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However you celebrate it, Schoolies is a chance to celebrate the end of 6 years of high school - the end of an era.

To help you and your mates look out for each other, we’ve put together some simple tips that’ll help you have fun, and keep you safe.

Stick together

There’s going to be a lot of people about, so if you’re heading to and from venues or parties, stick with your mates. It’ll keep you in a good frame of mind, and will save you having to spend time tracking everyone down.

People are incredibly vulnerable if they’re out of it, and not everyone at Schoolies has your best interests at heart. Look after each other, and don’t ditch your mates - especially if any drugs or alcohol are involved.

Last one out? Lock it up

If you’re in a busy hotel, make sure you keep your valuables safely locked up inside the room. An open door is like an open invitation to thieves – don’t give them a chance.

Practice safe swimming

Don’t swim at the beach at night, even if it’s a well-lit area.

Make sure you avoid swimming after drinking or taking drugs too. It might sound like a good idea at the time, but there are huge risks involved (day or night).

Dodgy Toolies

Unfortunately they’re out there. But while chances are you won’t encounter them, it’s good to be aware that there are older people out there who come to Schoolies just to try and take advantage of young people (especially when alcohol is involved). Never accept drinks from strangers, and always keep an eye on who your friends are hanging out with…if it feels wrong, move on.

Drink and drugs

Let’s face it - you’re probably going to be exposed to alcohol or drugs at least once during your time at Schoolies. It’s important to remember that you don’t have to do anything you don’t want to. Be smart, stay in control, and stick with your friends.

Never drink or do drugs and drive - and never get into a car with a driver who has been (or who you suspect has been) drinking or taking drugs, even if you aren’t going far. It’s just not worth it.

Don’t mix drugs and alcohol, and never leave your drink unattended.

If you’re on medication, read the instructions to make sure they’re safe to use with alcohol or other drugs. If you aren’t sure, speak to a doctor (they won’t tell on you).

It’s ok to say no

Everyone is different, and what feels right for some, won’t for others. So if you aren’t interested in drinking, or taking drugs, saying no is absolutely fine. In fact, these days, more and more people have figured out that you don’t actually need them to have a good time.

If you still feel pressured, say you’re allergic to alcohol, offer to be the designated driver, or simply tell everyone to clear off and mind their own damn business.

Standing up for yourself is far more admirable than caving to peer pressure in order to look cool (that’s so high school). Besides, good friends will always respect and back your decisions.

If you do still feel pressured use these little tips to help you have fun, and stay in control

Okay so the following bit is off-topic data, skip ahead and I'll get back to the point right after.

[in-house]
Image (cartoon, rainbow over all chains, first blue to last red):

• Avoid drinking in rounds.
  • Order water with every drink.
  • Take small sips.
  • Drink mixers rather than straight spirits (or just buy a lemonade and pretend it’s got alcohol in it).
  • Go play pool, or have a dance instead.

Safe sex

Having mum scream last minute sex advice at you as you pile into the car with your mates isn’t a good look. So we’ve put together some handy tips that’ll keep you and your partner safe.

The most important thing to remember when it comes to sex is that you can always say NO. If you don’t want to, or you change your mind, it’s absolutely fine. Respect yourself, and your body - and only do it when you feel ready (if you’re out of it on any drugs or alcohol…you aren’t ready).

If someone says no to you, respect his or her decision.

Always practice safe sex (i.e. with a condom). Unprotected sex can leave you at the mercy of some pretty nasty sexually transmitted infections. A quick ‘STI’ Google search should put you off for life.

So if you are thinking about having sex, keep a couple of condoms on you, just in case. It’s better to be prepared than be caught out.

Feeling overwhelmed?

It’s not surprising. There’s a lot to take in. If you do find yourself feeling overwhelmed, there are some simple things you can do.

Firstly, it’s ok to acknowledge that you feel bad. Just because you’re supposed to be having fun, it doesn’t mean there won’t be times you feel anxious or upset.

Talk to your friends. Tell them how you’re feeling, they’ll help you out. In fact, there’s a good chance they’re feeling just as confused, so keep an eye out for each other.

Stay in touch with your supports back home. It’s ok to call your family for a chat, chances are they’ve been here before and can give you some good advice.

Walk it off. Put on some music and wander down the beach (try not to do that at night). It’ll help you clear your head and give you a nice break from everything.

If you need to speak to someone anonymously, ring Lifeline (13 11 14) or Kids Helpline (1800 55 1800) – they’re full of great advice, and they’ll never judge you.

Final thoughts?

Don’t do anything you that you don’t want to see on Insta tomorrow.

Trust your gut (if it feels wrong, it probably is), stick together, look out for your mates, use your judgment, and most importantly - have the time of your life.

What can I do now?

  • Write down a few of your friends’ mobile numbers, in case you lose your phone and you need to call them. Keep the list with in your wallet.
  • Learn how to help a drunk friend.
  • Read about peer pressure.